# Section 3.1: The definition of a function.

### Exercise set 3.1A

• p.140: #5-8 all

### Exercise set 3.1B

• p.140#1-4 all (if this goes quickly, that is great, if not, be grateful for the practice).

### Exercise set 3.1C

• p.143 #60 a,b,c. Most importantly: Describe what a fixed point is, using the words input and output. Draw a function machine diagram explaining the concept. Now sketch and use the graph of one of the equations from part a,b,or c to explain the concept.

### Video: Determining domain and range algebraically.

Extra resources for domain and range:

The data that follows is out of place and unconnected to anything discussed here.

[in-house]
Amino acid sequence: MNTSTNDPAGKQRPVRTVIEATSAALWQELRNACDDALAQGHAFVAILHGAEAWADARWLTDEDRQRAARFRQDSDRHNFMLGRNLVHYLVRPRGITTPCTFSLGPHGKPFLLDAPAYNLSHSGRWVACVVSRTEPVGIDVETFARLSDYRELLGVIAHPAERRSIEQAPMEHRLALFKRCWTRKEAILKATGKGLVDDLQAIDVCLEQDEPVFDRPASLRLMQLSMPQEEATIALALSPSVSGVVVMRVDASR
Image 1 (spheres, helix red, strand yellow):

The following Khan academy videos are a pretty good idea if you just want to see a variety of extra examples of finding the domains and ranges of functions. He covers several situations in which the domains and ranges are interesting sets that are not just continuous subsets of the real numbers. For example, sets that are multiples of a ticket price.

• This Khan video is helpful for developing some conceptual understanding for why we need the domain and range concepts.
• This Khan video is more of the kinds of examples from my video above. That is, more algebraic work for determining the domain of a function.
• This Khan video shows several more Domain and Range examples.

### Exercise set 3.1D

• p.141 #9-25 odd
• p.142#29, part a,b,c,f,g,h,k